Minister for Further and Higher Education, Research, Innovation, and Science in Ireland, Simon Harris said that country’s universities are willing to help students who have had to leave Ukraine in the middle of their studies by offering them admission.
On March 14, the minister met with the Irish Universities Association (IUA) to discuss the response of the higher education to the developments in Ukraine, Erudera.com reports.
“Today, I was pleased to meet with the IUA to discuss a range of issues including the humanitarian crisis unfolding in Ukraine,” Harris said.
The Irish Universities Association established a working group with the deans of medicine, the Medical Council, the department, and admissions officers to ensure that Irish students who fled from Ukraine “can continue their education and integrate the relevant program at the right level.”
“When it comes to higher education, the immediate priority is to ensure Irish students fleeing Ukraine can continue their studies here. My department has contacted them all and they are deeply traumatised by what has unfolded. We will work to extend supports and care to them,” the minister said.
The majority of Irish students in Ukraine were studying medicine or dentistry there.
In addition to students, Harris said that the government will ensure that Ukrainian people can continue higher education in Ireland too. He stressed that he will cooperate with colleagues across the sector to respond effectively to the “worst humanitarian crisis of our lifetime.”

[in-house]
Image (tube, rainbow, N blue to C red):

Minister and IUA agreed that a central contact was needed for people returning from Ukraine who wish to continue higher education in Ireland, which will be put in place in the upcoming days.
Harris also said that the government will have to provide employment opportunities for people and offer them the chance to engage in further education.
Similarly, the University of Eastern Finland announced it will admit 20 Ukrainian students under a separate right to study and offer them to apply for a grant.
Eligible to apply are students with an existing, valid right to study at a Ukrainian university who have Ukrainian citizenship, whose studies have been interrupted due to the current situation in their country.
“We are allocating a total of 100,000 euros to a grant scheme aimed at Ukrainian students, making it possible to continue academic studies in Finland,” University’s Rector Tapio Määttä said.
Before the Russian invasion, Ukraine was itself a popular country for international students. Erudera’s data show that 80,470 international students studied in Ukraine during 2019, with the majority (18,429) coming from India.
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